Across the sector, communications and marketing teams are striving more and more to measure the impact they’re having. While creativity will always be the heart of our work – and the people who deliver it will always be the priority – data and analysis are now indispensable in demonstrating the value of what we do.
by Amy Walker
What comms teams in our sector tell us is that experiment and innovation are the keys to engagement, whether with tenants or stakeholders; internal colleagues or potential customers. And the golden thread that runs through measurement, demonstrating value, the freedom to experiment and quality results communicating with diverse audiences will dominate discussion at The Comms Event 2018 in London on 6 March.
Expert voices from within and outside the sector will be taking part in the discussions. Jo Parkinson, Head of Internal Communications and Engagement at Macmillan Cancer Support, will explore a multi-channel approach to internal communications that makes clear the value of social channels for really engaging a workforce and building a sense of team among workforces that may be quite mobile.
And the perennial issue of getting an organisation noticed (for the right reasons) will be addressed by Penny Haslam, Visibility Coach and former BBC journalist, who knows better than most what the media is looking for and that developing people, as experts and commentators, will most reliably create the trust and authority to pitch messages that land.
Representing the sector, Tricia Grierson, from Jonnie Johnson Housing, will give a masterclass in transforming tenant engagement and utilising insight and customer intelligence to precisely tailor messages and support the creation of a true tenant voice.
In addition, specialist sessions on delivering dynamic digital marketing, building capability at political influencing and communicating through transformations or mergers will sharply bring into focus the problems, aspirations and solutions for housing communication in 2018.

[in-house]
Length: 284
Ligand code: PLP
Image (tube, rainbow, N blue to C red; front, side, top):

But there’s a bigger picture. Demonstrating the impact and value of communications is vital to ensuring the communications function is seen as a strategic priority within the organisation, as Jennifer Riddell, Public Relations Director at See Media, will be arguing in a session that makes the robust business case for communications.
Alicia Curtis (Head of Communications at Stockport NHS Foundation,) Amanda Coleman (Head of Corporate Communications for Greater Manchester Police,) and Nicola King (Associate Director at Teneo Blue Rubicon) will present powerful accounts of managing comms in a crisis. Drawing on the NHS saline poisoning case and communications management in Manchester’s darkest hour, last year’s Manchester Arena atrocity, they will provide hard hitting lessons for the most important work any Comms team will ever do.
And, at the highest level, we all know that innovation, from automation to big data, is poised to change the delivery of housing services for ever. Communications and marketing teams need to prepare, the National Housing Federation’s James Green will argue. Because, as well as perfecting the sharp end of delivery, analysing the big future trends that are reshaping our world will be the key to delivering effective communications and marketing in the future.
Tickets are selling fast but there are still places available. Book yours today.
Amy Walker is marketing executive at the National Housing Federation
image by Tullio Saba